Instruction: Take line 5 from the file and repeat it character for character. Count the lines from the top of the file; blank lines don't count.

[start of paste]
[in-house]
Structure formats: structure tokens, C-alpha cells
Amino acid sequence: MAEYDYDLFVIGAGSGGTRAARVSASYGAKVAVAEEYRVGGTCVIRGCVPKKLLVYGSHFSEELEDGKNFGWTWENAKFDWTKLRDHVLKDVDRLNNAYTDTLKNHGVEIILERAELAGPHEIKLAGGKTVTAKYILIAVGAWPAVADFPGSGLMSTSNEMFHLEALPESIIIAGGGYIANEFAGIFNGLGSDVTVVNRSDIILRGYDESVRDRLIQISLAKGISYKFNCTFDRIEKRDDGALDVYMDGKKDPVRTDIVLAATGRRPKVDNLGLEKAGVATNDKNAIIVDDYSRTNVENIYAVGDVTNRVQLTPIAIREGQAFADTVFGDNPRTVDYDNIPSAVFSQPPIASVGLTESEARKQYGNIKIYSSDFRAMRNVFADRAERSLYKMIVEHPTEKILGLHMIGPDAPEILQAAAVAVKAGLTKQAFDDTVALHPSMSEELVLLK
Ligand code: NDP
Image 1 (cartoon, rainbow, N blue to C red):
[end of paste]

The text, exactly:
Image 1 (cartoon, rainbow, N blue to C red):